Dr. Charles Garfield founded the Shanti Project in 1974 to provide emotional support for people with life-threatening illnesses
in the San Francisco Bay Area. The name "Shanti" comes from the Sanskrit word for "inner peace" or the "peace that passeth
understanding." The project's focus on one-to-one peer support provided by trained volunteers became a new standard in the
care of the terminally ill. Shanti's methods gained national attention, and after Garfield gave the keynote speech at n cancer
conference in Milan, Italy in 1979, Shanti began an international training effort. Soon nearly 300 organizations around the
world were using the Shanti peer support model.
In 1981, when the earliest cases of disease that became known as AIDS first appeared in San Francisco, Shanti added them to
their caseload. In 1982, Shanti's board elected Jim Geary as their Executive Director, and hired its first paid staff. That
same year, Shanti provided the first-ever international trainings on AIDS care (in Italy, France and the Netherlands). In
1984, Shanti, recognizing the exponential growth of the AIDS epidemic, changed its mission from serving individuals withany
terminal illness to providing services solely for those with AIDS and their loved ones.
Under Geary's guidance, Shanti quickly became a leader and a key component in San Francisco's community-based response to
AIDS, creating new programs and changing existing ones to match the needs of people with AIDS (PWAs). The goal was to help
them lead productive and independent lives out of hospitals and in their communities, and to reduce their healthcare costs.
In addition to peer counseling and practical assistance, such as housecleaning, childcare, shopping, cooking and running errands,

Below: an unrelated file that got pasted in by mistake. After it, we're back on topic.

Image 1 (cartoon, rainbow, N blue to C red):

Shanti services expanded to include providing transportation, offering recreational and social activities and providing caregiver
support. Shanti also developed the first non-hospital residential facilities for displaced people with AIDS; by 1988 they
had 12 residences housing 47 PWAs.
In October 1988, Geary resigned, following six months of turmoil and amidst allegations of sexual harassment, discrimination
and favoritism that resulted in a San Francisco Human Rights Commission investigation of the organization. After a nationwide
search, author, teacher and activist Eric Rofes was hired as the new executive director in 1989. This move was viewed as inspiring
renewed confidence in the agency. Shanti broadened its focus, opening its first AIDS residence for families with children
and beginning a two-year agency-wide Multicultural Plan. In 1990, the first practical support training for the deaf and hard
of hearing was held. That same year, in collaboration with the Visiting Nurses Association and Hospice, Shanti opened a home
for PWAs who needed 24-hour care. 1991 brought an influx of federal funds from the Ryan White CARE Bill and from the Crossings
program. The latter focused on the "historically underserved" residents of the Tenderloin, Mission, and South of Market areas
of the city. This program reached out to women, children, people of color, poor, homeless, intravenous and other drug users,
transvestites and transgender people.
There was another leadership and public relations crisis in 1993, when an annual review found discrepancies in the use of
government funds in Shanti's housing program. Rofes and deputy director Melinda Paras resigned. Paul Lambros served as interim
executive director until August of that year. Doug Holloway and Tim Wolfred assumed direction of day-to-day activities until
Gloria Sandoval was appointed Shanti executive director. After being barred for a year from receiving direct federal funding,